Inc.com columnist Alison Green answers questions about workplace and management issues--everything from how to deal with a micromanaging boss to how t
Here’s a roundup of answers to five questions from readers.
1. I lied on my resume
I recently applied for a prestigious company looking to fill a role that’s rarely open — and I lied on my resume. Specifically, I lied about where I went to school. The company hires people from top-caliber schools and I thought swapping the name of my college would help me get my foot in the door.
The company had already called me in for a series of in-person interviews with key players in the department. My interaction with the team has reinforced my confidence in wanting the job and guilt about lying where I attended college (at least two people have remarked what a wonderful place it is, so it hasn’t gone unnoticed).
My HR contact just reached out to me and asked me to complete an electronic application and-again-it prompts me to fill in my education credentials. Now that I’m in the final stages of consideration, I’m terrified of the background check revealing the lie and losing this job over it. What should I do?
You’re not going to like this answer, but the best thing you could do would be to withdraw from consideration from the job. There’s a very good chance that it will be noticed, and even worse, it might not be noticed until after you’ve already been working there for a while — meaning that you could end up getting fired from this job in a way that would be very damaging to your reputation. It also means that the whole time you work there, you’d need to fear it coming out — which it easily could, since people are already trying to talk to you about what they believe are your shared experiences at that school.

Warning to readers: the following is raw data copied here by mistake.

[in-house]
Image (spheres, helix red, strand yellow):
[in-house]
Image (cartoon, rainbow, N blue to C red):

I’m sure you’ve already figured out the flaw in your logic here, but just in case: If this company cares so much about where you went to school that it would be a factor in getting you in the door, then lying about it means that you’d be lying about something that they pay particular attention to.
But even if that weren’t true, companies that don’t care that much about where you went to school generally still care a great deal about lying. If it comes out, you’ll have done serious harm to your reputation not only with them, but potentially with others too (because people move around to other companies and they remember stuff like this).
You made a mistake here. The only way to fix it is to take ownership for it, which means accepting that this job can’t be an option for you anymore.
2. My former intern ghosted her new job
Last fall I had a terrific intern who was in her last year of school. She was very reliable, she learned a lot about our industry, did good work, etc. So, when she asked if I would act as a reference for her after she graduated, I was happy to do so. She also sent me a lovely thank-you note after she secured a job with the help of my recommendation.
That was several months ago. Today, the guy from the firm who had called me while checking her references just emailed again to tell me something kind of weird: Although they had hired my former intern over the summer and she had gotten off to a promising start, she quit last week without notice and simply stopped showing up to work. She also hasn’t responded to any of their attempts to communicate with her, although she has remained active on social media. He said they were disappointed in her lack of professionalism; he also said he figured I’d just want to know about the situation, in case she asked for another reference in the future.
Honestly I’m quite shocked; this behavior is completely unlike what I observed while she was working with me. I’m of course a little mortified that someone I recommended has put the employer to whom I recommended her in such a tight spot — and I likely would think twice about providing a reference for her again — but I’m also a little worried about her. Would it be inappropriate for me to reach out to her to see if she’s okay?
Well … you don’t necessarily have the right to know what’s going on with her; if you weren’t close, this might be something you should just let be unless she contacts you.